A recent discussion with a colleague brought up an interesting question.
Can a brand target both B2B and B2C markets at the same time.
My immediate answer was that I thought this would be a challenge.
In most cases B2B and B2C marketing are targeting different mindsets:
To quote from a recent post:
- B2C: Promoting products and services that customers want, but don’t need.
- B2B: Promoting products and services that customers need, but don’t want.
Okay, it’s a bit clichéd but I think the distinction makes an interesting point.
B2C is often selling to emotion, while B2B is about delivering tangible value.
On this basis, marketing a brand that fits both viewpoints is challenging.
Actually, there are numerous examples of brands that successfully engage with both businesses and consumers so why do I think the combination is challenging?
My reasoning is that in most cases where marketing ostensibly targets both businesses and consumers, that marketing is actually treating both as the same (either one or the other)
Targeting consumers as businesses
High street banking and Utilities are examples of businesses targeting predominantly consumers with something that fundamentally they ‘need but don’t want’ i.e. the B2B model. In these cases, the marketing messages are often about value and convenience rather than subjective/emotional messages.
Targeting businesses as consumers
This area has expanded substantially over recent years with the exponential growth of one-man-band and micro-business sector. Owners of these businesses will make subjective buying decisions based on ‘want but don’t need’ so although strictly B2B, successful marketing often takes a more B2C angle. Many companies selling services to the SME sector take this approach.
So, a business can target its marketing at both businesses and consumers if they can be influenced by the same style of message. The challenge of marketing a single proposition to different mindsets doesn’t really arise.
Marketing along the supply chain
There is one other possibility which takes a different approach – Marketing along the supply chain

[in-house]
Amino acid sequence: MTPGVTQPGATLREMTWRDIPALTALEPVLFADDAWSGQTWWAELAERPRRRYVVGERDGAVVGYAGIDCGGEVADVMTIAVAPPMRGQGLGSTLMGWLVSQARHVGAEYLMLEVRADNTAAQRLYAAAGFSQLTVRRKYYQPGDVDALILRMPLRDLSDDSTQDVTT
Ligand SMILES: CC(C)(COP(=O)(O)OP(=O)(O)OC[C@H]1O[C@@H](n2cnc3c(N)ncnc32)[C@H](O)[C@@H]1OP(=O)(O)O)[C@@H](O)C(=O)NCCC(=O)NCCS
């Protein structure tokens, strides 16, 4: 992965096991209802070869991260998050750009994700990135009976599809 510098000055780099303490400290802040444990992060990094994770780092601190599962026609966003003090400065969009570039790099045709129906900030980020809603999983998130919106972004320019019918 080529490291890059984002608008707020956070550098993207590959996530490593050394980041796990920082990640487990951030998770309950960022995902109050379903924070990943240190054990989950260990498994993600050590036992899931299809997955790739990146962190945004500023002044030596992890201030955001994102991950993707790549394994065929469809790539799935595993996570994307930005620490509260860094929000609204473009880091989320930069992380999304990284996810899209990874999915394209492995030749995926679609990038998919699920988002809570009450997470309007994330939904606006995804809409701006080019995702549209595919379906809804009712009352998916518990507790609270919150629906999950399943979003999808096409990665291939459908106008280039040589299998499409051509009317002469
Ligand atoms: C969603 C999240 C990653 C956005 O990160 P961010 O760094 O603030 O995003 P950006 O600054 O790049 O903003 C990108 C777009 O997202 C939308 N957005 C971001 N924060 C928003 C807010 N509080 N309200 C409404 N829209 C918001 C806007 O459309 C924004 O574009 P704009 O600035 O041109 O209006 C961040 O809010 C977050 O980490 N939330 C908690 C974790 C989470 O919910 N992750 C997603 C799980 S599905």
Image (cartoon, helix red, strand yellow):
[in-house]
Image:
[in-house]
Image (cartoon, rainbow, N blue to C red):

As an example, let’s look at AA star ratings for hotels; a highly successful business model for over 100 years (you can find out more here).
Ultimately the value here is focused on the consumer. The AA has created a brand that the consumer trusts to tell them the quality of a hotel. So principally this is a consumer brand.
However, to be viable in the real world, hotels have to buy into the AA star rating system. If no hotels used the star rating, then the value to consumers would be significantly reduced. On this basis, it is also a B2B brand.
The value to businesses is directly related to the value to the consumer. If consumers did not trust and buy-in to the brand, then it would have no value to the hotels
The AA Hotel Ratings is first and foremost a consumer brand, with the B2B value coming directly out of that relationship with hotels being a key element in the supply chain who (as businesses looking for tangible value) pick up on the subjective/want but don’t need marketing to consumers. In other words, the marketing is B2B2C!
So, to come back to my original discussion, unless you can effectively target both consumers and businesses together because they have a common mindset, or you have the relatively exceptional case where you are marketing along a supply chain, I stand by the view that targeting different B2B and B2C mindsets at the same time with a single message is challenging and will struggle for sustainable success.